Sheela Bal Bhavan was established using the Bhatnagars’ personal savings, but the funds required to keep the home operational year after year come from Can Serve Foundation (“Can Serve”), a charitable trust.
The home is sustained through yearly donations from Can Serve donors, who are each assigned a particular child to sponsor. The funds are then transferred to the Can Care Trust in India, which oversees the operations at SBB and is administered by an Indian board.
How does it work? Each sponsor is matched with a specific child, to whom they become something of a surrogate parent. Most sponsors are matched with younger girls, so that they have the opportunity to watch the girl grow and develop.
Is it a big commitment? That depends on you. Many of our sponsors develop close relationships to their SBB “daughter.” Indeed, several of our sponsors have visited the home and report that this is an incredibly rewarding experience. Many of our sponsors exchange letters with their sponsor daughter, or send a package on her birthday, whilst others keep in touch by reading updates sent from the home. In summary, the sponsorship experience is as “hands-on” as you want it to be.
How much does it cost? We have different levels of annual sponsorship.
Contact us to learn more about our different sponsorship levels.
Click here to download our application form
Where does my money go? Your sponsorship donations go toward the daily expenses of the home. This includes: food, utilities, tutoring, school supplies, clothing, and staff salaries. Your money also helps to support the costs of the girls’ post-secondary education. Funds are also used to pay for extra-curricular activities, such as dance classes, and group outings.
I can’t commit to a yearly donation, how else can I contribute? We accept donations via our website for any amount that you can afford. Additionally, the home also accepts female volunteers (see below).
“The expectations are very different in India, for girls… my hope is that these girls will help change the situation for other girls and women in the future”
“After our daughter’s visit at SBB, she conveyed to us that she felt the girls were loved by the people who cared for them, and that they loved each other as true sisters. We think this sense of family and love is central to the development of these girls (or anyone), and we hope that [our sponsor daughter] will truly feel that”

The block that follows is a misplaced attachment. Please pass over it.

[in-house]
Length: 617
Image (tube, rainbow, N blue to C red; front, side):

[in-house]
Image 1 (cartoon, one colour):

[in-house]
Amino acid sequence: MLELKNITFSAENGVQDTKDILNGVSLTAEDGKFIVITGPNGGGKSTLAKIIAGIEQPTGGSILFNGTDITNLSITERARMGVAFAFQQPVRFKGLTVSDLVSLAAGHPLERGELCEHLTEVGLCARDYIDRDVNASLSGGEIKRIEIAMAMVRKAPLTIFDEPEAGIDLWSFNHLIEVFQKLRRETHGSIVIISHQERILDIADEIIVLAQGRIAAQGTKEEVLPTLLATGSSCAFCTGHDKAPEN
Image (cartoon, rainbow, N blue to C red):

“I feel that investing in education is the best way to reduce extreme poverty. I also feel very confident about the girls’ upbringing at SBB, and I appreciate that it is mostly managed by Indians”
“SBB’s is an inspiring story, the idea of helping an abandoned or orphan girl get a caring upbringing, a family, a good education and a springboard to a full, rounded life in India, which has been such a hostile environment for such girls, was very compelling, especially for a modest annual stipend. The notion of actually getting personally involved with the home and the child was very appealing too”
“[I am] blown away by their resilience and the bonds they have with each other. I find it powerful – that the girls have each other”
“[Our bond is] not a casual relationship… if she’s getting married, I want to go to the wedding!”
St. George’s School of Montreal began its affiliation with Sheela Bal Bhavan in 1992 under the stewardship of then-principal Bahadur Bhatla, a family friend of the Bhatnagars.
Funds raised by St. George’s pay for the girls’ school fees from pre-primary to secondary school.
The most significant connection between St. George’s and SBB comes from the biennial trip that sends a dozen students to visit Sheela Bal Bhavan over the winter holidays. Lead since its inception in 1995 by St. George’s teacher Bill Nevin, the students spend a week at SBB meeting the girls, visiting their school, and ringing in the New Year before heading off for another week of sightseeing in nearby Delhi and Agra. Alumni of these trips refer to each other as “Trippers”.
St. George’s is an integral part of the SBB community, as the bulk of Can Serve sponsors are parents of ex-Trippers who undertake the commitment after being inspired by their children’s experiences.
For the students who attend these trips, the experience is often life changing. For many students this is their first experience travelling abroad, however, the culture shock of the subcontinent is tempered by the similarities they find between themselves and the girls at SBB.
Volunteers typically commit 1-3 months living at SBB. They live at the home, immersing themselves in the day-to-day activities of SBB; as such, they form an integral part of the emotional support system for the girls.
Volunteer duties and activities
Volunteers walk the girls to school every morning, eat meals with them, help them with their homework, and most importantly they act as “didi”, which is Hindi for “elder sister”. They are an important source of affection for the younger girls, confidantes to the older girls, and conversational English teachers for all.
Each volunteer develops her own rapport with the girls and brings a different skill-set: some teach yoga and dance classes, others plan art projects, and sometimes they will cook foods not commonly eaten in Indian households, like pasta or pancakes with maple syrup. Volunteers have come from all over the world, including Canada, Spain, England, and New Zealand.
If you are interested in volunteering, please get in touch to learn more. Please note that the home only accepts female volunteers.